I spend enough time bashing Donald Trump, and for good reason, but let me give credit where credit is due. His endorsement of a criminal justice reform package working its way through Congress is an important development. Presidential endorsement can really help a bill advance and this is a good bill.
The bill includes a number of important reforms. First, it would apply the Fair Sentencing Act of 2010, which reduced the disparity between sentences for crack and sentences for cocaine, to convictions prior to 2010. That would shorten the sentences of about 3000 people convicted of drug crimes involving crack, which means mostly minorities. Second, it changes the calculations for “good-time credit,” which would make thousands of inmates eligible for parole earlier than they are now.
Third, it incentivizes inmates to take advantage of educational and training programs, giving them credit for them that counts toward early parole and the use of halfway houses and house arrest rather than imprisonment. And it expands and funds more such programs. It also makes it easier for judges to exercise discretion and not hand out the minimum mandatory sentences in many cases.All of these are good and necessary reforms, but they don’t go nearly far enough. But the bill is called the First Step Act and I hope this is the first of many reforms to come. These reforms apply only to the federal courts, which is a tiny subset of the courts, jails and prisons at the state level. But many states have started passing similar reforms, including doing away with civil asset forfeiture. And surprisingly, the usually “tough on crime” conservatives have helped get them passed. At the state level, it’s a massive expense, often dwarfing every other type of spending.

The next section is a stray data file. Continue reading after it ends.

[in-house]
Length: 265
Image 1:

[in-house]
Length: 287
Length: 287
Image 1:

We need far more than this, but I’ll take it as a first step. And whatever his motivation might be, I’m glad Trump is endorsing it. Every now and then we do get a little bipartisan action to do something that is genuinely good public policy. This is one of those times.